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In “The Button,” former Defense Secretary William J. Perry and Tom Z. Collina survey the dangers of nuclear escalation.

Book Review: The Nuclear Arms Race, Then and Now, Undark, BY MARK WOLVERTON  11 Sept 20, In “The Button,” former Defense Secretary William J. Perry and Tom Z. Collina survey the dangers of nuclear escalation.

 IN THE bad old days of the Cold War, both the United States and the USSR maintained thousands of nuclear weapons, ready to be launched at a moment’s notice. Only one person had the authority to unleash America’s nuclear forces: the president of the United States. He could do so at any time, without consulting Congress or the military or anyone else save his own conscience. Although the mechanism for doing so never actually consisted of pushing a button, that became the popular metaphor for setting off doomsday.

September 12, 2020 Posted by | resources - print, weapons and war | Leave a comment

Two excellent new books on a nuclear-weapons -free world

September 5, 2020 Posted by | 2 WORLD, Religion and ethics, resources - print, weapons and war | Leave a comment

“Fallout: The Hiroshima Cover-up and the Reporter Who Revealed It to the World.” – new book


Fallout’: New book sobering reminder of nuclear devastation 75 years after entering atomic age  By Hevyn Heckes  31 Aug 20,  New Mexicans are perhaps more acutely aware of U.S. nuclear capabilities and the bomb, “Little Boy,” dropped on Hiroshima, since its predecessors were developed and tested in our own backyard. However, most people alive today will not remember the immediate aftereffects of the outsized attack on Japanese citizens that capped off the second world war.

Modern awareness of the atomic bomb and the events of WWII are mostly relegated to fictionalized accounts contained in films such as “Pearl Harbor” and “Schindler’s List.” The events surrounding WWII have long since become a cultural legend, and first-person memories of these events no longer exist. We’ve simply forgotten the horrors of global war — until now.

Leslie M. M. Blume set out to refresh our collective memory regarding the widely recognized end of WWII in “Fallout: The Hiroshima Cover-up and the Reporter Who Revealed It to the World.” She has done so in spectacular fashion – recalling our consciousness to the famous New Yorker article written by one John Hersey.

Blume details the difficulties Hersey confronted in reporting the truth of the atomic bomb’s lingering effects on Japanese citizens and the censorship levied against war correspondents prior to and during Hersey’s investigative presence in Japan.

Blume somehow manages to insert the reader in a manner usually only employed by fiction novels. She plies the reader with insight into how Hersey was able to convince Japanese victims to talk to him – a man they had every reason to hate and mistrust as a representative of their enemies in the U.S.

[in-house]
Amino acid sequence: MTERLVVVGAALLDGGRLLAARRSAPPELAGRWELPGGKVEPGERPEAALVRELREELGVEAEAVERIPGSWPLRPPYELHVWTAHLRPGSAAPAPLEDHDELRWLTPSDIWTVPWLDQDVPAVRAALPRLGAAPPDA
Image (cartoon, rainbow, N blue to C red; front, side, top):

She explains that Hersey’s interviewees found him affable, educated and empathetic. His personal qualities endeared him to these people who would otherwise have gladly sent him on his way without a word.

Reading this book provides a timely and poignant reminder on the 75th anniversary of the bombings. One is forced to confront the human cost of nuclear weapons. Blume brilliantly interweaves Hersey’s reporting with her own so the reader is able to feel present with Hersey during his research and the victims of Little Boy’s aftereffects.

It becomes more and more clear that those who perished immediately with the bomb’s initial blast were the lucky ones.

Hersey and Blume graphically recount the physiological and psychological trauma Little Boy’s victims endured. One particularly memorable excerpt states, “(Japanese soldiers’) eyes had melted away in their sockets; the liquid had run in rivulets down their faces, which were burned beyond recognition.” Other excerpts tell of victims whose faces had “melted” with the blast so that their appearance seemed blurred.

Clearly, this novel contains sensitive and graphic depictions of physical trauma suffered by Japanese citizens of Hiroshima. This fact takes nothing away from the importance of the reader confronting these depictions to truly understand the catastrophic risks of nuclear war.

Fictional chaos theorist Dr. Ian Malcolm (played memorably by Jeff Goldblum) said in the film “Jurassic Park,” “Your scientists were so concerned with figuring out if they could that they didn’t stop to ask themselves whether or not they should.” This concept and ethical philosophy is perhaps more applicable to the invention of the atomic bomb — a weapon capable of far more devastating effects, up to and including nuclear winter, environmental devastation and species annihilation, than a few stray T-Rexes in a theme park.

As Hersey conveys and Blume emphasizes, nuclear weapons are a tool that could potentially bring about humanity’s self-inflicted extinction. Hersey’s reporting on the atomic bomb’s effects on the citizens of Hiroshima is perhaps a deterrent preventing nuclear disaster, but we must keep these consequences at the front of our minds to continue avoiding the doomsday clock finally tolling the midnight hour. “Fallout” is the poignant reminder we need right now.